Giffords said she had "great concern that the policies right now in Iraq are not requiring the Iraqi people to really step forward and take responsibility. This new plan that the president has put forward ... is not a plan that is going to ensure real success in Iraq. To add 20,000 troops to a failing plan is not one that I can support."

Giffords said she favors "a strategic redeployment from the area" and a new focus on Afghanistan, which "has not received the attention it needs."

But she sidestepped the challenge issued last week by Arizona Sen. John McCain, a big supporter of putting more troops into Iraq. Last week, McCain told the press that critics who want to withdraw troops "have a responsibility to tell us what they believe are the consequences of withdrawal in Iraq. If we walk away from Iraq, we'll be back, possibly in the context of a wider war in the world's most volatile region."

Asked what would happen if Americans troops pulled out, Giffords said: "I frankly believe that it's not up to the American people, the American government or the American troops to determine what the future of Iraq will look like. It's up to the Iraqi people and the Iraqi government. ... And that doesn't mean we pull 100 percent of our support out because, although I did not support initially going to Iraq, we are there now, and I believe it our responsibility to help this new government. But when it comes to continuing to add troops when we have really lost the hearts and minds of the majority of the Iraqi people, that's not the best approach."


Mayor Bob Walkup has picked up another potential opponent in this year's re-election effort: Democrat Michael Toney, a frequent--and frequently unwashed--attendee of City Council meetings who, among other things, has proposed an alternative to the Rio Nuevo science center. While Toney's plan has struck us as harebrained, it's looking practically feasible compared to the UA's $166 million pitch.

Walkup's other opponent so far is independent Bruce Gerowitz, who sells hot dogs outside a local strip club.

Meanwhile, over in Ward 2, where Carol West is stepping down after two terms, Democrat Clarence Boykins, who lost a bid for a state House seat last year, has picked up an information packet, although he has not yet formally filed as a candidate. Also considering a Ward 2 run: Democrat Robert Reus, a public-access TV producer who is preoccupied with the idea of creating a strong-mayor form of government.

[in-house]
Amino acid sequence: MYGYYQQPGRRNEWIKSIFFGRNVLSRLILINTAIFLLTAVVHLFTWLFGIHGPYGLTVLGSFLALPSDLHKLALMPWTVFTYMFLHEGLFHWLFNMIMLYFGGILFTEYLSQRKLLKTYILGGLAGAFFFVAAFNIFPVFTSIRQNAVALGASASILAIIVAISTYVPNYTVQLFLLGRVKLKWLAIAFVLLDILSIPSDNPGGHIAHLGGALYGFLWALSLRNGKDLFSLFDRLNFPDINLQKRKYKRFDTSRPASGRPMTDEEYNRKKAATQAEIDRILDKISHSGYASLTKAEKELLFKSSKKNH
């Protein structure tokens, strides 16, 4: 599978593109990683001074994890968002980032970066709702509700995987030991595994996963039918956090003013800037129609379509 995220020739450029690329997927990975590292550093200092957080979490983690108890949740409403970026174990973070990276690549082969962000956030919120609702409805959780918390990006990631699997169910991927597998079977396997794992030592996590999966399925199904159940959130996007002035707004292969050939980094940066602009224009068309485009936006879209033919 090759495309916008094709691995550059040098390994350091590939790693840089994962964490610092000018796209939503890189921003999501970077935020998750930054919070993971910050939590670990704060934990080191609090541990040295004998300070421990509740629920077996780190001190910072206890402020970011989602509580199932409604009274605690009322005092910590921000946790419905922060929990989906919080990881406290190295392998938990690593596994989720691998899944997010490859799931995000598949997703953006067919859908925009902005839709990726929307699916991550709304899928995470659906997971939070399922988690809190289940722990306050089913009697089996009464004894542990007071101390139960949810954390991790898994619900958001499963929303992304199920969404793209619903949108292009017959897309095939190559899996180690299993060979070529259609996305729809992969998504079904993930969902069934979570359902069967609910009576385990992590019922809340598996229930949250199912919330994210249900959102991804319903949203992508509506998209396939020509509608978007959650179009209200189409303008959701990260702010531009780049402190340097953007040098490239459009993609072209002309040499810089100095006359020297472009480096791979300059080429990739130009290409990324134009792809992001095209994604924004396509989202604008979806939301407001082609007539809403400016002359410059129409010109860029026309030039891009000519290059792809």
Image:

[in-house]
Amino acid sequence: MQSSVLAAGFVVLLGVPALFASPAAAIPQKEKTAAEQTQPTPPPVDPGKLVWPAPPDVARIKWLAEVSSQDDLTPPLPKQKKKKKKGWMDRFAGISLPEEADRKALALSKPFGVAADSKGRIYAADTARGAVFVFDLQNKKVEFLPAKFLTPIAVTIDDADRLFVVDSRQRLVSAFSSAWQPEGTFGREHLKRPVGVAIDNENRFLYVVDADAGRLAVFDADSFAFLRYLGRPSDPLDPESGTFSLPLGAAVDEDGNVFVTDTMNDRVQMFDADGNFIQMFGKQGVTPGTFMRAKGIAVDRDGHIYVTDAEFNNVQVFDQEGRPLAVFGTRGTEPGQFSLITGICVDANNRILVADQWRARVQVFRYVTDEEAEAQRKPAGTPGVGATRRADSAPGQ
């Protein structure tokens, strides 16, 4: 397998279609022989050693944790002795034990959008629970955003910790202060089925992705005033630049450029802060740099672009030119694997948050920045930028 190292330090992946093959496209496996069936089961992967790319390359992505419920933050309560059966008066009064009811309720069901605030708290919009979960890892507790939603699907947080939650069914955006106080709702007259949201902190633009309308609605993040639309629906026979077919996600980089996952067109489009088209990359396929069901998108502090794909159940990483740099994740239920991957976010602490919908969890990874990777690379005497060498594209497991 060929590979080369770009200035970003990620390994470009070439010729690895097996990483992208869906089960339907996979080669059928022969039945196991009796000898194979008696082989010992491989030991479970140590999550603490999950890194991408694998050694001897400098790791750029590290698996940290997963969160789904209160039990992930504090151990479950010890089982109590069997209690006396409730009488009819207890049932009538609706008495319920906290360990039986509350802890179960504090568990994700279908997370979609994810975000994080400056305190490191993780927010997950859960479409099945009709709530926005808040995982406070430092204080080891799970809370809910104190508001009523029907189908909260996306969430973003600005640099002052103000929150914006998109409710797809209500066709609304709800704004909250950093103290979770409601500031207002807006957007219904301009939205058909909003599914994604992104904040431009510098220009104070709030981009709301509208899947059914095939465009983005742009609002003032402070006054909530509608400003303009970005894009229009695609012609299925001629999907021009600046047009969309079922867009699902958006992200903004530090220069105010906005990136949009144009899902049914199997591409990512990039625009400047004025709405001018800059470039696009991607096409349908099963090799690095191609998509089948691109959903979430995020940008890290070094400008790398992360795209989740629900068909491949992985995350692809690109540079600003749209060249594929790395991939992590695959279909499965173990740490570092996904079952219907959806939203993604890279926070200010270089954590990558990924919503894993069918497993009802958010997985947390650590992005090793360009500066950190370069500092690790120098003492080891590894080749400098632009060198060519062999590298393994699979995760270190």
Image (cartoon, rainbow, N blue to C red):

Democrat Rodney Glassman, a former aide to Congressman Raul Grijalva, and Republican Lori Oien, an activist with Mothers Against Drunk Driving, have formally filed as candidates in Ward 2.

Ward 4 Councilwoman Shirley Scott has officially filed for re-election and faces no opposition so far.

Meanwhile, no candidates have filed in Ward 1, where Democrat José Ibarra is finishing his third term. The juiciest rumor we've heard so far: TUSD board member Adelita Grijalva, daughter of Congressman Raul Grijalva, may be considering a run.


Lawmakers are already pushing for a new constitutional ban on gay marriage. Republicans Russell Pearce, Trish Groe, Sam Crump and Rick Murphy in the House and Linda Gray and Chuck Gray in the Senate have sponsored House Concurrent Resolution 2023, which limits marriage to one man and one woman. The measure, if passed by the Legislature, would have to be approved by voters on the 2008 ballot.

The backers seem to have learned something from the rejection of a proposed ban on gay unions in last November's election. They have trimmed off a ban on domestic partnerships and other forms of civil unions, which doomed the citizen initiative pushed by the Center for Arizona Policy.